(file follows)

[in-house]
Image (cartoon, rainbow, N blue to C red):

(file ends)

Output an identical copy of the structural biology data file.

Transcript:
[in-house]
Image (cartoon, rainbow, N blue to C red):